The late 19th century saw a great transformation in all aspects of the United States economy. Factors that included industrialization, immigration, and infrastructural development were the cause of the lucrative economy that the country enjoys today (Davis, 2008). With the great investment opportunities present in the country during this time, there was an influx of immigrants settling in all corners of the nation. The immigrants presented a diversified culture helping in define rapid industrialization that was taking place in the country. Half of the 19th century covers the Progressive Era, the Gilded Age, and the Reconstruction Era in the United States (Mauch & Patel, 2010). The soaring prosperity and rapid economic growth experienced during these periods catapulted the country to becoming the world’s leader in agricultural, industrial, and economic power. On average, the per capita income for non-farming workers rose by about 76 percent during the period spanning from 1866 to 1900. The abolition of slavery in 1865 was a great contribution to the developmental framework that was taking place in the US during this period. With only few reported cases of racial injustices, the then newly elected government ensured equal distribution of resources during the Reconstruction era. The blacks and whites were to be treated equally in all areas. All together, many reasons are attributed to the rapid growth in the United States economy in half of the 19th century (Davis, 2008).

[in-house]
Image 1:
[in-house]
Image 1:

In the late 19th century, most of the regions in the western and northern parts of the US were either not occupied or not fully utilized in terms of agriculture. Therefore, farming lands were available for those were not accommodated in the cities due to the looming industrialization. The great movement is a period that saw big populations of Americans move from the eastern and southern states to the north and western states (Davis, 2008). Cities like California witnessed excessive settlement of people seeking employment. As a result, there was cheap labor for the growing industries. After the 1861-1865 civil war, many American headed to the west whose lands had not been fully opened for economic exploitation. In the west, the native Indians were rebellious of the incoming settlers but were later defeated. During the Reconstruction Era, these Indians were assimilated into the larger groups and used as a further source of cheap labor for the industries and farms. The development of industries created the need for transportation companies that could be used to deliver equipment and supplies. This necessitated the construction of roads and railroads that replaced oxen as the often-used means of transport. The diversified climatic conditions and the availability of water from easily navigable rivers boosted the growth of the United States economy a great deal (Mauch & Patel, 2010).